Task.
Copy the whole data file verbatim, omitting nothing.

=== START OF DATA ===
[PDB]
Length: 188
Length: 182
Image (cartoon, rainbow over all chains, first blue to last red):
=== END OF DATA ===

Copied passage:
[PDB]
Length: 188
Length: 182
Image (cartoon, rainbow over all chains, first blue to last red):